Tag Archives: race- less anthropology

What should the Church do about race?

Print

“Of all the major institutions in our society, the church is still the most segregated.  Americans of different races work together, play together, study together and entertain eachother.  But seldom do they pray and worship together.”

~ David R. Williams

“A great many black Americans view their white fellow citizens with anger.  And a great many white Americans view their black fellow citizens with fear.”

~ Jacques Barzun, Race: A Study in Superstition

“Among large numbers of Christians, racism has been the other faith or one of the other faiths.”

George D. Kelsey, Racism and the Christian Understanding of Man

If there is one thing that I do not like about the Church, it is the fact that its members have incorporated the doctrine of race into the practice of our faith in Jesus Christ.  Though we claim to have experienced the freedom found in him and proclaim it from week to week, we are quite comfortable with the yoke of race.  We confess that we are all God’s creation, that we are all made in God’s image.  Yet, when we describe persons racially, we define them in ways that would attempt to erase the fingerprints of God.  We confine them to our eyes and we believe that we have put our finger on identity when we call her or him a color.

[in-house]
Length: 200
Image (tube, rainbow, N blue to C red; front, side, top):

Being colored people imprisons us, unable to move beyond the flesh to the spirit.

How we ever agreed to use the flesh as a measurement of one’s acceptance to God while confessing a faith for which Jesus’s flesh and blood paid the price, I will never understand.  Nowhere in Scripture is the social coloring of flesh and to that end, our physical appearance ever used to determine our relationship with God or proximity to the presence of God.  See all heart references.  That hierarchy is purely a figment of the social imagination.  Our skin and our sins are two different things; they are synonymous or indicators of good and evil.

Being colored people and being Christians are mutually exclusive.

But, we did not stop there.  We subjected God to our belief in race.  Consequently, God was now socially colored beige, black, brown, red, yellow and white.  Either all at the same time or perhaps separately as there have been books written to that end with the suggestion of a “Black Jesus” and a “White Christ.”  We have allowed race not only to pull us apart but to pull Christ apart, crucified afresh (Hebrews 6.6).

Supremely spiritual, the Invisible, Immortal and Eternal, we called God a white and a black man, put God on our side and against those we were opposed to.  But, there are not enough crayons, markers, pens or paints to color God in.  God’s presence is endless.  Our colors will run out before God does.